I’m of the opinion that the patient, in this case the domestic economy (and by virtue of fading hegemony – the global malaise) is  like the chronically homeless or a down and out dope fiend. Frankly, this isn’t like a Reagan recession and Bernanke is doing quite the opposite of Volker. An S&L scandal seems quaint by comparison. Read MY lips…….this isn’t like George H.W. Bush’s recession. It’s not a Nixon recession nor is it a Kennedy recession. There is but one comparable situation and I think the most of the Depression Era similarities have been discussed ad nauseam.

The Non Farm Payroll numbers released this morning (7/8) only serve to bolster my conviction. The US economy has been dabbling in opiates for many years and our stimulant laden shock treatment has not and likely will not be effective. We’ve got a speedball addict that would put John Belushi to shame and the implications are far less humorous than he was.

Statistically speaking, the income distribution in the US looks increasingly like a power law dispersion, but the fat tails in this case are not in and out of homeless shelters, they are lobbying for more effective tax shelters.

I could go on and on….brevity is not necessarily my strong suit, and over the course of the coming weeks and months, I hope to do a better job explaining why I feel strongly about the current state of affairs as well as what may be done to turn the corner. I also would like to point out some potential ways to profit from them as well. I want to dive into numbers, many of them misleading – like the Employment data (let’s talk Labor Participation rate and Birth/Death adjustments) and see where there is money to be made.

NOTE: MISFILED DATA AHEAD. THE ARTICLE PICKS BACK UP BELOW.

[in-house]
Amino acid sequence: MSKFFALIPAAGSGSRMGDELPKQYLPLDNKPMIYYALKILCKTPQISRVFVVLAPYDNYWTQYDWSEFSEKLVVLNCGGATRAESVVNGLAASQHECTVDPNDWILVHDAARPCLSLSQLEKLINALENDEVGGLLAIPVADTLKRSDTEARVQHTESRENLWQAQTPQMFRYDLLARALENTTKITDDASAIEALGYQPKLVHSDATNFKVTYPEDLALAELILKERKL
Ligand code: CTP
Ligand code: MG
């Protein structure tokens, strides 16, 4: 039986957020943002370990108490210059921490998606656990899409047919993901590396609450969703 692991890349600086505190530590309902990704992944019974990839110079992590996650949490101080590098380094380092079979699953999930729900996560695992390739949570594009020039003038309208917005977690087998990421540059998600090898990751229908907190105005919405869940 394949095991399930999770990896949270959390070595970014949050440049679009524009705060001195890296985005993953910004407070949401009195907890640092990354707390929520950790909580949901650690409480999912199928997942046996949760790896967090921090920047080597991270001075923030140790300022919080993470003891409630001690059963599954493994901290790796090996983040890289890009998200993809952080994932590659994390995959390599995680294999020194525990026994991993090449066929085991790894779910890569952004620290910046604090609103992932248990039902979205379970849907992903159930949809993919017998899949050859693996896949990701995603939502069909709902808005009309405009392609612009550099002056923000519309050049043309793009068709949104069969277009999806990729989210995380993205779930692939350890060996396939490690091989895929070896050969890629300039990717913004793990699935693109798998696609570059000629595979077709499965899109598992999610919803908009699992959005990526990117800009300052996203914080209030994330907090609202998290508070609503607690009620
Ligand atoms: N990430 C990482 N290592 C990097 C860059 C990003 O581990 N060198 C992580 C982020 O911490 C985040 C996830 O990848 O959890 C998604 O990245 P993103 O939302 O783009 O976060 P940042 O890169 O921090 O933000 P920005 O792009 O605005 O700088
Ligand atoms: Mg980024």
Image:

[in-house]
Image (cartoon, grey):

Going back two/three days I said that implied vols rarely trade at a discount to historicals and as such the VIX looked cheap to me. On the heels of a very disappointing jobs number, vol has firmed a bit but I still believe there is much more room on the upside there. The debt ceiling negotiations have been fitful and apparently less than fruitful.

I’ll end with one other insightful nugget from Gladwell.

“Power law solutions have little appeal to the right, because they involve special treatment for people who do not deserve special treatment; and they have little appeal to the left, because their emphasis on efficiency over fairness suggests the cold number-crunching of Chicago school cost-benefit analysis”.

The debt issue is a symptom, unacceptable levels of unemployment is a symptom and from my perspective we keep enabling the offenders (zombie banks with veins loaded with toxic assets and monster derivative risk) with periodic stimulus and sending them on their way. Gladwell estimated that Murray Barr cost the taxpayers in Reno, NV over a million dollars in ‘services’, but he thrived when in a very structured environment. Well, to this point the Fed has pumped roughly $2.3 TRILLION dollars worth of stimulus into it’s patient. Fed funds are parked between 0 and 25 basis points and the financial services are laying people off again.

It is time for some outside the box thinking. Perhaps David Simon or Philip Mangano could replace Geithner?